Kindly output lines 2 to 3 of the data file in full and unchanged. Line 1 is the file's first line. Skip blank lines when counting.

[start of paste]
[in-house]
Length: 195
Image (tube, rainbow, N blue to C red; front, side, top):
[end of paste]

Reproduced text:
Length: 195
Image (tube, rainbow, N blue to C red; front, side, top):